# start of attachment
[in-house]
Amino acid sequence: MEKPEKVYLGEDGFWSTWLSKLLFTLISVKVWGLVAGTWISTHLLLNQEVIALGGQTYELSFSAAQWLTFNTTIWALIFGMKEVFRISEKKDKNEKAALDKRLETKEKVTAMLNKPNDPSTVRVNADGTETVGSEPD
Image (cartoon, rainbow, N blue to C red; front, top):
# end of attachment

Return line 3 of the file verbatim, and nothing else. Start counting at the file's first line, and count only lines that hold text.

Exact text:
Image (cartoon, rainbow, N blue to C red; front, top):